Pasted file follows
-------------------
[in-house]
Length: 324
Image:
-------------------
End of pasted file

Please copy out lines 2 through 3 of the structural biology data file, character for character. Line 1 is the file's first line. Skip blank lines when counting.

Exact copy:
Length: 324
Image: